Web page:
Why Selfies are the New Middle Finger.

Why you should only smile if you want to, take as many selfies as you like and ignore the rest of the internet when it tells you otherwise.

The internet is great. Cat memes, GIFs that make you snort through your nose with laughter at their accuracy, the world at your fingertips. But it can be a mean and judgmental place. Especially for women. The pictures we take are often picked apart and scrutinised in a way never before seen. Whether its to do with our bodies or our opinions, someone, somewhere, will have something to say about it. Whether the comments sexualise us, tear our opinion – and right to have one – to shreds, or judge us, there is no hiding away from it.

Today i’m here to talk about the most recent development : Selfie Shaming.
We all know what selfies are. It’s even a legit word in the Oxford English Dictionary now. Ever since those clever smartphone people invented the front facing camera there’s been no stopping us, and why should there be? There’s a reason we all do it. Selfies are fun as hell!

Many have put this recent phenomenon down to a simple dislike of ‘millennial narcissism’ – young teens and twenty-somethings constantly on their phone, photographing themselves instead of paying attention to the world around them. To that I say – are you mental?! Young people today are more connected and in the know than ever before, we use the technology at our fingertips to widen our opportunities, to connect with people that a few short decades ago we would never have been able to connect with, AND to create real social change using platforms the old fogeys just don’t understand.
But this isn’t even about self absorbed millennials. Its about casual, normalised sexism. I haven’t done the maths, but I wager that if you take a look around at the people being selfie shamed, the vast majority of them will be young girls and women. Why? because to take a selfie is (in today’s modern techno world) to say that you feel good about yourself. Good enough to capture that moment and share it with the internet. And the world we live in encourages that kind of self confidence…in men. But when that kind of self confidence comes from a woman, fret not – society will be on hand to take you down a peg or three…or four.

So what can you do about this? Feel guilty and nervous each time you take a selfie, even though you know its hot as fook? Monitor what you wear in photos so as not to draw unwanted attention and verbal abuse from the online world? Stop taking photos? Get rid of your social media presence altogether? Lets face it, none of them sound particularly fun or realistic.
And in a world where you find yourself thinking thoughts like:
“will they call me a slut if I wear this”
or
“I’m loving what I’m wearing today but can I be bothered to deal with the sexist, misogynistic and aggressive commentary (normalised and ignored by a patriarchal system) that will be thrown in my direction as soon as I step foot outside?”

Processed with VSCO

My face when thinking about the patriarchy.

(Was that last one just me? Anyone else?),
none of the above options seem in any way fair. We have just as much right to own an Instagram or Facebook account as anyone else. And we have just as much right to feel free to express ourselves – be that using our minds or bodies – in anyway we damn well choose.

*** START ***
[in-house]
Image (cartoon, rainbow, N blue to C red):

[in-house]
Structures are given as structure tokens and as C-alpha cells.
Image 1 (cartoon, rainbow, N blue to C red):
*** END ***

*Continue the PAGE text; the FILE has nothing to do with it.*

So the solution i’m putting forward is this:

Take all the selfies. Take as many or as little as you want. Be moody, be silly, be arty, strike a pose, use that new snapchat filter everyone is mad about. Wear as many or as few items of clothing as you want. Your body, your mind and the way you express them are yours and yours alone, and no one should have the power to bully and shame you into doing and being anything other than what YOU want.
So lets bombard them with our confidence. If they tell you to smile – stick your finger up and use that frown snapchat filter (See above); If they tell you to stop being so vain – snap another photo of yourself looking dayum fiiinee; and if they tell you to put on more clothes or show off your curves more, tell them that your body is none of their god damn business!

To practice what I preach here’s a selection of my most awesome/lame – whichever way you choose to look at it – selfies (featuring snapchat filters and my morning cuppa).
Lots of love,

Eleanor x

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3 thoughts on “Why Selfies are the New Middle Finger.

  1. Jamie says:

    A great counter argument to all the bullshit spewed by ignorance and patriarchy and I totally agree that technology is the way forward, not something to shy away from. However, just because we do live in the patriarchal and suppressing system called life, doesn’t mean that men get away lightly either. I think it’s important to note that men go through very similar issues in that it’s hard to have the confidence to present yourself online, when you’re surrounded by far too many ideals. It can be confusing and lonely, because society tells us that men don’t feel emotions to the same extent as women, which is kinda gross really. Let’s all take selfies if it makes us happy, and just once, leave our judgements in our heads. Thanks for the read!

    Like

  2. James says:

    Your argument falls down when you factor in that the *vast* majority of selfies are taken by women. If anything, men are far more stigmatised in that realm (which is why I imagine it’s uncommon for men to post selfies in the first place), so the feminist histrionics are pretty excessive. Also, selfies are undeniably narcissistic – you can argue that it’s empowering or whatever, but it’s still self-obsessed behaviour.
    Not trying to be annoying, would love to hear your thoughts on what I’ve said! 🙂

    Like

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